Saturday, November 19, 2005

The fiancee

Nawaz's fiancee is exquisite. I must apologize for creating another "pee pee post," which is the term my daughter Billie uses for any of my journal entries where I drool over a much younger woman. But today, as we sat staring out my office window at the passing foot traffic on the campus quadrangle, Nawaz explained his pre-marital status. Every passing girl to whom I called attention elicited a mere shrug from my lanky brown assistant. When I called him on this he showed me his fiancee's photo.

I'm not going to pretend to understand Pakistani culture. What I know about the country is limited to a handful of recipes, and these are as much oddly seasoned Indian, Afghan and Persian dishes as they are purely Pakistani, but then that corner of the world has always been a crossroads of the spice trade. Pakistanis work miracles with lamb, and a plate of Balti Gosht or Kunna, paired with Riesling or a Rhone, is quite an experience.

So Nawaz is promised to a girl. She's five years older than my friend, which explains how a gawky, squeaky-voiced loon like him can land what can only be described by the archaic term, "fox." Evidently, she's considered an old maid in her culture. The fact that Nawaz's father is a minister in the government also helped to raise Nawaz's stock.

The fiancee is a dusky jewel, with rich black eyes and a glistening smile. Her name is Aamira. In the snapshot, her black-brown hair tumbled down her shoulders, and her generous breasts strained the buttons on her white blouse. I was smitten instantly and said so. Nawaz, who has only met the girl twice, is also impressed, though he says they have little in common. Aamira works for a consulting agency in London, and Nawaz plans to get an engineering job in the States. They will share a house in Miami, though both expect to be on the road pursuing their respective careers. I suggested that he quit school, marry her quickly, and take up the role of doting house-man. He could shop for the wine and cook. Keep the house somewhat in order. When his south Asian treasure returns home at the end of her day, he can rub her feet, pour her a glass of Pouilly Fuisse and read her a poem. In fact, I told him that a writer of fiction would be the perfect complementary career, and I was surprised when he agreed. He's been reading voraciously, lately finishing Dr. Zhivago and Nabokov's King, Queen, Knave, both books borrowed from my collection.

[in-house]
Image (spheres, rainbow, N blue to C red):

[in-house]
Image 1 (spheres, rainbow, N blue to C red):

In any case, this experience has caused me to revisit the practice of arranged marriage. I've always been a proponent of that silly American institution known as the "love marriage." I should know better as it has thrice failed me. Perhaps I should put myself on the Pakistani old maid market. Nawaz plans to meet his bride-to-be in Chicago during the Christmas break where she will be attending a business summit. He's asked me to attend as a chaperone (sic!), and I so look forward to meeting lovely Aamira.

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